Inside the Nearly Completed Restoration of Brooklyn’s Kings Theater [Photos]

The lobby of Kings, still a construction zone. First workers stabilized the structure, then they focused on drying it out. Aesthetics have been the recent issue. (Nicholas Perrone, the Observer)
A worker restoring the ceiling medallions. (Nicholas Perrone, the Observer)
An artifact from an earlier era of the theater. (Nicholas Perrone, the Observer)
Architects used old photos, newspaper articles and stories from neighborhood residents to help guide their restoration. (Nicholas Perrone, the Observer)
The entrance to the men's smoking lounge, one of the areas that is still awaiting repair. (Nicholas Perrone, the Observer)
The original architects designed the theater to look old even when it was new. (Nicholas Perrone, the Observer)
In cases where wood needed to be replaced, workers not only matched the variety—American walnut—but also the grain. (Nicholas Perrone, the Observer)
The main theater is unusually open. (Nicholas Perrone, the Observer)
The stage is 32 feet deep—as large or larger than most Broadway theaters.
Whereas many movie palaces have repeating ornaments and moldings, they're extraordinarily varied in Kings. (Nicholas Perrone, the Observer)
Permanent lighting has yet to be installed. Carpets are also lying in wait. (Nicholas Perrone, the Observer)

The plywood-sheathed entrance to the Kings Theater lies on an unassuming stretch of Flatbush Avenue, nestled among 99-cent stores, T-mobile shops and pizzerias, an extravagant remnant of an era in which Brooklyn was a destination unto itself rather than a satellite of Manhattan.

And so it is again.

Kings Theater, likewise, is in the final stages of a similar transformation. A former vaudeville and movie house shuttered in 1977—in the intervening four decades, vandals and thieves making off with most of the decorative elements that were not destroyed by water leaks—Kings is poised to open again this January as a venue for the performing arts.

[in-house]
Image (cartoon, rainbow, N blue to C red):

Few of New York’s movie palaces survived the decades intact; Kings will not only be the rare exception when its restoration, led by Martinez & Johnson Architects, is complete, but arguably, the most glorious. One of five Loew’s ‘Wonder Theaters’ built in New York and New Jersey, Kings, Kings opened with Evangeline, starring Dolores del Rio, in 1929.

On Tuesday afternoon, the Observer toured the vast theater, which with approximately 3,200 seats, is the largest in Brooklyn and the third largest in the city—behind only Radio City Music Hall and the theater at Madison Square Garden. Kings dates to the same era as Radio City, but the two theaters could hardly be more different, with Radio City an Art Deco masterpiece and Kings an old-fashioned fantasia of gilded medallions, elaborately swirled iron staircases, lavish American walnut paneling, thick red velvet curtains, spiral columns and fanciful faces. Designed by architecture firm Rapp & Rapp, Kings’ interiors were inspired by Palace of Versailles and the Paris Opera House.